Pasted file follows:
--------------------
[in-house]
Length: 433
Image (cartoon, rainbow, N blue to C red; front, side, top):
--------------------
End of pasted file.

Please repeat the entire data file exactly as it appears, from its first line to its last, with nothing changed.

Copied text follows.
[in-house]
Length: 433
Image (cartoon, rainbow, N blue to C red; front, side, top):